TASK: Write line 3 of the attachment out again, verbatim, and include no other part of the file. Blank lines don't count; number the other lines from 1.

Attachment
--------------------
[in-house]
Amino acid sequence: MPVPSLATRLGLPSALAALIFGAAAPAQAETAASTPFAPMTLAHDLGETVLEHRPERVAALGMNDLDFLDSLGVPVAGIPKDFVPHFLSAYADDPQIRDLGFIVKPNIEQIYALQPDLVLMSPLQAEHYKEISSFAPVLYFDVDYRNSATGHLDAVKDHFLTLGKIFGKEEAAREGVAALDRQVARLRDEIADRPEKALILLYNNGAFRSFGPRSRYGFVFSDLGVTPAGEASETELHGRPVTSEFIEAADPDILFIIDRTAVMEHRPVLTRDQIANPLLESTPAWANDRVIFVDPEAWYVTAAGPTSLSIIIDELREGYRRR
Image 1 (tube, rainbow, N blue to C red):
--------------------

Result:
Image 1 (tube, rainbow, N blue to C red):